This revision to the model also builds on group discussions, which highlighted potential barriers to successful risk communication due to the tone and manner in which some practitioners engage with specific community members. Practitioners of two groups stereotyped residents with a strong environmental conscience or alternative lifestyle as being “tree-huggers”, fundamentally opposed to any hazard reduction measures. Such residents were described as “stupid” or “ignorant” because their lifestyle choices outweigh concerns about bushfire. Interestingly, the groups who perpetuated negative stereotypes in their discussions also engaged the least with the AOL model. These observations highlight how the efficacy of any education mechanisms is influenced as much by the attitude of the communicator, as by the message being communicated. That some workshop participants spoke condescendingly of specific community groups (e.g., “rich bastards” and “hippies”) would suggest the need for agency-led community engagement and communication processes to be conducted objectively in a manner that accommodates the diverse opinions, cultures and lifestyles of the people living in at-risk areas.
The practical application of the AOL model by practitioners illustrates that a better understanding and appreciation of mechanisms that encourage different ways of learning are fundamental to more efficient risk communication practices. The model must both reflect aspects of information receivers, like the ways they learn, and resonate with the risk communicators that use it. Consequently, many of the changes made to the original model reflect the necessity to balance the needs of the information receivers with those of the information providers, including the way information providers can best interact with the public.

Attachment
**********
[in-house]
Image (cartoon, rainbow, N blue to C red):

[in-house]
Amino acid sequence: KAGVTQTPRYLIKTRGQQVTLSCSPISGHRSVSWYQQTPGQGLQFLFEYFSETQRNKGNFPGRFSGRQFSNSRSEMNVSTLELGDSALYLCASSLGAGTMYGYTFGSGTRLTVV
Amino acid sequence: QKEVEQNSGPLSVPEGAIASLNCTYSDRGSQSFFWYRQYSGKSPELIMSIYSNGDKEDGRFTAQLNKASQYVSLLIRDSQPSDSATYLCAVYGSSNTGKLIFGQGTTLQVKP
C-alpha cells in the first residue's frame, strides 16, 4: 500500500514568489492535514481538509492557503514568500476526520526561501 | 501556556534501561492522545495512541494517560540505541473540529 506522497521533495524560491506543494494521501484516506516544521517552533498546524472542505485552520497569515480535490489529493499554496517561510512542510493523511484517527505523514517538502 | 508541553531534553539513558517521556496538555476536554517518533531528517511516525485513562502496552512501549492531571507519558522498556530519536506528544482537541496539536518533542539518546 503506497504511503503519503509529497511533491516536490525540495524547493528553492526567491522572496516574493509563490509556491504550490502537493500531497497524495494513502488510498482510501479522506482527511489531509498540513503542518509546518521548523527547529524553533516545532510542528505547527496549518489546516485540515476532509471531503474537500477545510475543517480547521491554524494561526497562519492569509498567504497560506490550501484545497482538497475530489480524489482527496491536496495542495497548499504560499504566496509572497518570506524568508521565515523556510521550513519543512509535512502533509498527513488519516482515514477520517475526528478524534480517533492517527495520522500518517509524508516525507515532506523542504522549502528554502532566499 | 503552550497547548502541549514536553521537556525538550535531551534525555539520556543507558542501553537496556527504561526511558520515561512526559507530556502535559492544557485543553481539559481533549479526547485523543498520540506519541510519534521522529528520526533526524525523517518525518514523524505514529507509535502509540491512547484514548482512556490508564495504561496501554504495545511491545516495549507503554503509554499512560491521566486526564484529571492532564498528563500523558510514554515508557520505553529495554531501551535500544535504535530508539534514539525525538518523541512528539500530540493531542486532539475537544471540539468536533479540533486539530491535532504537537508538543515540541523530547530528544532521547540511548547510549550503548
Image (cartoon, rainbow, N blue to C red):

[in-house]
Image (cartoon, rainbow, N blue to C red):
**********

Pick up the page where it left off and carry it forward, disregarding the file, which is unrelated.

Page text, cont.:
The key lessons learnt from this study of the AOL model for further developing the art of engaging members of the general public with official risk rationales include:
- The everyday relevance and familiarity of terms and concepts influence the model’s applicability as well as its reception by risk practitioners.
- The AOL model successfully facilitates connection between learning styles and effective education mechanisms/interventions.
- There is a need for reflexive cues for risk communicators. The efficacy of education mechanisms is influenced as much by the attitude of the information provider, as it is by the attitude of the recipient of the information.
- Informed decision-making through empowerment is key to successful risk communication.
- Finally, the generic nature of the AOL model (its applicability to a plethora of risk scenarios and diverse populations) makes it a relevant tool for risk communicators of other natural hazards. A possible next step from this study is to explore the AOL model in various hazard contexts.
Sincere thanks goes to the workshop participants for sharing their experiences, the NSW Rural Fire Service’s Community Engagement team for ongoing research support, and the Australian Centre for Cultural Environmental Research at the UOW for Research Support Funds that enabled the write up of the workshop findings.